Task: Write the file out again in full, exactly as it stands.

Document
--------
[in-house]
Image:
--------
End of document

[in-house]
Image: